On July 1, 2015, four students from Mandalay’s Yadanabon University were arrested for their alleged involvement in a graffiti campaign, in which messages critical of the government and a new national education law were spray painted onto university walls. After two months, the students remain in jail, and face years in prison if convicted.
The four students, Naing Ye Wai, Gist Too, Aung San Oo and Nyan Lin Htet, are members of the executive committee of Mandalay District Students Union, and of the All Burma Federation of Student Unions (ABFSU), an organization that has led much of the activism against the new education law, which opponents have argued violates academic freedom. The students were reportedly accused of spray painting messages on university walls including “We don’t want the National Education Law” and “Release students in Tharyarwady prison immediately,” referring to students who remained in jail following confrontations with police in the city of Letpadan in early 2015 (see reports here, here and here). The students are reportedly each charged with: unlawful assembly under Penal Code Section 143, which carries a potential sentence of six months; rioting under Penal Code Section 147, which carries a potential sentence of two years; and causing fear or public alarm under Penal Code Section 505(b), which carries a potential sentence of two years.
On August 21, the students made an application for bail with the Ama Ra Pu Ra Township Court (Mandalay division), requesting that they be released from September 17-29, in order to be allowed to sit for exams. The request was denied. The following day the students reportedly began a hunger strike, and were then each transferred to solitary confinement, where they remain as of this report.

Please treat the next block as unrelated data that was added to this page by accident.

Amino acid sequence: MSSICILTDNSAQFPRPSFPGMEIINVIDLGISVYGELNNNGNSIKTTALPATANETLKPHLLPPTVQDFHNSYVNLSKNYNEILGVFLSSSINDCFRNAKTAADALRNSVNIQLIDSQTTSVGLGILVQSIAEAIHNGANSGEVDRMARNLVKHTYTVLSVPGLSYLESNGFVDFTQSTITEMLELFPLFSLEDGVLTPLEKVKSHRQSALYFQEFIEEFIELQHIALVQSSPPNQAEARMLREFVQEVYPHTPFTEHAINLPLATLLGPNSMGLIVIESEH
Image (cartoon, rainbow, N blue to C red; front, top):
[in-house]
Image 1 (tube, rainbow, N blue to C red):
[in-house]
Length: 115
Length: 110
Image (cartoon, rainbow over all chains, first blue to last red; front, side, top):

Scholars at Risk is concerned about imprisonment and prosecution of students in retaliation for the nonviolent exercise of the rights to freedom of expression and association, as well as academic freedom — conduct which is protected under international human rights instruments including the Universal Declaration of Human Rights. While state authorities have a legitimate interest in maintaining order and protecting property, they must do so in ways that are proportional to the situation, and comply with internationally recognized standards of free expression and association and academic freedom, as well as due process and fair trial.